Renee Aste, a Catholic blogger who contributes to The Opine Editorials, left the following in the comments section of my post entitled "Anglican church fragmenting because of homosexuality":
Another article on the issue at
"At no time among any Christians at any stage since Christ himself walked this earth – or at any stage in the long years before that, of preparation and teaching by God to his chosen people – has it ever been regarded as possible or right for two people of the same sex to go through any form of marriage ceremony, or to engage on any form of sexual relationship....Why do some in today’s Anglican Church think differently? Chiefly, it seems, because it is regarded as cruel and unjust to make anyone feel uncomfortable simply because of a desire to engage in same-sex relationships. And no one wants to be regarded as cruel or unjust. So, instead, there must be a decision that, somehow, God got things wrong from the beginning, or…no, perhaps it is simply his Church which has been wrong from the very start, and the Jewish tradition in all the epochs beforehand.
This understanding brings in the idea that a new revelation came to people in America and much of Western Europe in the late 1970s, and thus now we must rewrite things and make a claim for the Anglican Church which sets it irrevocably apart from all the Christians belief of centuries. In this understanding, God’s plan for the human race is not essentially based on man and woman, there is no uniting of the two that reflects the great reality of Christ and Church, there is no mystery of marriage which draws us ultimately to the marriage feast in heaven. Christ’s miracle at Cana is reversed – no long water into wine at a wedding, but water splashed everywhere, on any sexual relationship that humans seek to honour. And the Eucharist no longer contains within its heart a nuptial mystery, but is merely a decorative feast that we can use to honour what we will."
I want to thank Renee for taking the time to add her comments. However, I must disagree with the author of the article which she cites. I believe the problem lies not in "the idea that a new revelation came to people in America and much of Western Europe in the late 1970s," but instead in the simple fact that modernism (which Pope St. Pius X of happy memory drove underground for a time within the Catholic Church) denies the historical institution of the sacraments by Christ and misunderstands the essence of the supernatural thereby attempting to explain the supernatural using merely psychological categories and templates of human experience.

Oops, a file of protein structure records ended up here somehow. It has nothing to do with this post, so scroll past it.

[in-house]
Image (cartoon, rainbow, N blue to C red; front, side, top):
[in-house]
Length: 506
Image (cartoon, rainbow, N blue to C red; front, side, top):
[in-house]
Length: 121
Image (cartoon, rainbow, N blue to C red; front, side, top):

The sacraments were all instituted by Christ Himself: "'Adhering to the teaching of the Holy Scriptures, to the apostolic traditions, and to the consensus....of the Fathers,' we profess that 'the sacraments of the new law were...all instituted by Jesus Christ our Lord.'" (Catechism of the Catholic Church, No. 1114, citing the Council of Trent (1547): DS 1600-1601). And this is what the same Catechism has to say regarding the sacrament of matrimony:
"The intimate community of life and love which constitutes the married state has been established by the Creator and endowed by him with its own proper laws. . . . God himself is the author of marriage. "The vocation to marriage is written in the very nature of man and woman as they came from the hand of the Creator. Marriage is not a purely human institution despite the many variations it may have undergone through the centuries in different cultures, social structures, and spiritual attitudes. These differences should not cause us to forget its common and permanent characteristics. Although the dignity of this institution is not transparent everywhere with the same clarity, some sense of the greatness of the matrimonial union exists in all cultures. "The well-being of the individual person and of both human and Christian society is closely bound up with the healthy state of conjugal and family life." (CCC, 1603).
How may we define "sacrament"? "A sacrament is an event, or a reality, or a rite, which is perceptible to the senses and which has been instituted by Christ in order to signify the saving graces merited by Him, to contain them, and to communicate them to human beings through human beings whenever a sacrament is performed by both its minister and its recipient." (J. Auer).